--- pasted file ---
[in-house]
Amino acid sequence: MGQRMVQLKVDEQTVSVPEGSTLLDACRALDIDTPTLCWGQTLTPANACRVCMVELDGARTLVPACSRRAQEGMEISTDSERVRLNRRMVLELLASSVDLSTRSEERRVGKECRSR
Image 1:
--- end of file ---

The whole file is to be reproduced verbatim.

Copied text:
[in-house]
Amino acid sequence: MGQRMVQLKVDEQTVSVPEGSTLLDACRALDIDTPTLCWGQTLTPANACRVCMVELDGARTLVPACSRRAQEGMEISTDSERVRLNRRMVLELLASSVDLSTRSEERRVGKECRSR
Image 1: